Guest editorial: You need sensory spaces (and you may not even know it)

The pervasively positive impact of dedicated sensory spaces for everyone, particularly those with anxiety and neurodiversity, and why Vanderbilt needs them.

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Guest editorial: You need sensory spaces (and you may not even know it)

Noise cancelling earmuffs  // Photo courtesy of 
Claire Barnett

Noise cancelling earmuffs // Photo courtesy of Claire Barnett

Noise cancelling earmuffs // Photo courtesy of Claire Barnett

Noise cancelling earmuffs // Photo courtesy of Claire Barnett

Claire Barnett, Guest Writer

Have you ever been stressed? Yes? Then you could have benefitted from a sensory space.

Have you ever felt overwhelmed, either emotionally, mentally or physically? If so, you could have benefitted from a sensory space.

Have you ever just wanted to get away from the world for just a few minutes, to recenter and refocus yourself? You could have benefitted from a sensory space. And due to the high incidence of both anxiety and neurodiversity on Vanderbilt’s campus, this community severely needs them. 

Reading nook // Photo courtesy of Claire Barnett

A sensory space is a room or section of a room where the sensory elements are designed to promote calmness and mindfulness. It is the antithesis of anxiousness and the opposite of overstimulation.

Typically, such a space is quiet, dimly lit and comfortably furnished. It often incorporates opportunities to enjoy vestibular relaxation (like rocking, swinging or bouncing) and is filled with fidget toys (rubix cubes, stress balls, etc.). 

There’s a growing movement to establish these calming spaces in doctor’s offices, businesses and schools around the country. By providing such spaces, proponents hope to combat steadily-rising anxiety levels, as well as support individuals with mental health challenges and disabilities.

Anxiety is a well-documented problem across the nation, particularly among college students and other young adults. The Fall 2018 National College Health Assessment found that 63 percent of college students had felt “overwhelming anxiety” in the year preceding the survey. twenty-three percent of survey respondents had been treated by a mental health professional for anxiety in the past year. The American Psychiatric Association reports that adults age 18 to 34 are noticeably more anxious about both personal and professional matters than older adults are.

Additionally, somewhere between 10 and 15 percent of the population is estimated to be neurodivergent. Neurodiversity describes people with neurological differences like ADHD, dyslexia, autism/asperger’s, learning differences, OCD and Tourette Syndrome (among others). Individuals with these conditions have all historically been shown to benefit from the elements of sensory-friendly spaces.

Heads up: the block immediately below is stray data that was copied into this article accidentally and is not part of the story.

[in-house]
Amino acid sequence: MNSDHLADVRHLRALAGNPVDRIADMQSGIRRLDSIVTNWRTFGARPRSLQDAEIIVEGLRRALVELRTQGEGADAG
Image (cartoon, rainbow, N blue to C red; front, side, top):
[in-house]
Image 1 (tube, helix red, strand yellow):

Thus, a significant portion of the population would profit from having access to sensory spaces. In particular, creating several of these spaces on campus would benefit the Vanderbilt community immensely. 

Imagine having the ability to take a quiet 30-minute breather between classes to recenter yourself. Or being able to get away from the world for just a few minutes after receiving an anxiety-inducing grade. Or, if you have ADHD or autism, being able to remove yourself from the sensory overstimulation of a college campus without having to navigate all the way back to your dorm room.

Fidget toys // Photo courtesy of Claire Barnett

And the best part is that this initiative is relatively cheap and simple. It doesn’t require hiring any new staff. Just purchase some lamps, fidget toys and exercise balls or rocking chairs. Rearrange existing furniture to facilitate privacy. The most complicated aspect is deciding where such spaces should be placed. I would suggest putting one in the Commons Center, one in Sarratt/Rand and another in the Wond’ry. And perhaps also one at the Center for Student Wellbeing or the University Counseling Center. 

Having sensory spaces on campus would put Vanderbilt at the cutting-edge of best practices in both student mental health and disability inclusion. It is with this in mind that I call on the Office for Inclusive Excellence, the Office of Student Care Coordination, Student Access Services, the University Counseling Center and the Center for Student Wellbeing to support this initiative. I work at the Frist Center for Autism and Innovation, and we want to partner with each of these offices to make sensory spaces a reality at Vanderbilt.

I believe that dedicated sensory spaces will make Vanderbilt a more supportive, healthy environment for students, faculty and staff to be a part of. If you agree, I hope you’ll join me in advocating for this positive change.

 

Claire Barnett is Communications Coordinator at Vanderbilt’s Frist Center for Autism and Innovation. Barnett is also the former Multimedia Director of The Vanderbilt Hustler (Fall 2017-Spring 2019).

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